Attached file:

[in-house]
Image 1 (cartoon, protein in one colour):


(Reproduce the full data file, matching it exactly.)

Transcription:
[in-house]
Image 1 (cartoon, protein in one colour):